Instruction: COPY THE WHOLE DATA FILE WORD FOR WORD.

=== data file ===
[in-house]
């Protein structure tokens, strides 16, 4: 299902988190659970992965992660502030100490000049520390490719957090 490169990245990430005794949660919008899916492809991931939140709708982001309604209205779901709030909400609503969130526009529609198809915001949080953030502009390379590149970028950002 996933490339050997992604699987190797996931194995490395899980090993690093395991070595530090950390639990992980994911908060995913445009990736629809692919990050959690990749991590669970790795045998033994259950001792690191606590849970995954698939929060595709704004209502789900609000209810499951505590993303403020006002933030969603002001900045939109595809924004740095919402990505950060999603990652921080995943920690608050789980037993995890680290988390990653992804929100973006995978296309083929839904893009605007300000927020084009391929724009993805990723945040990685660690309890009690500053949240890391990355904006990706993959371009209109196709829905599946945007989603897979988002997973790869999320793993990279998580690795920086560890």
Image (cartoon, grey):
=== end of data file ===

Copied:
[in-house]
């Protein structure tokens, strides 16, 4: 299902988190659970992965992660502030100490000049520390490719957090 490169990245990430005794949660919008899916492809991931939140709708982001309604209205779901709030909400609503969130526009529609198809915001949080953030502009390379590149970028950002 996933490339050997992604699987190797996931194995490395899980090993690093395991070595530090950390639990992980994911908060995913445009990736629809692919990050959690990749991590669970790795045998033994259950001792690191606590849970995954698939929060595709704004209502789900609000209810499951505590993303403020006002933030969603002001900045939109595809924004740095919402990505950060999603990652921080995943920690608050789980037993995890680290988390990653992804929100973006995978296309083929839904893009605007300000927020084009391929724009993805990723945040990685660690309890009690500053949240890391990355904006990706993959371009209109196709829905599946945007989603897979988002997973790869999320793993990279998580690795920086560890």
Image (cartoon, grey):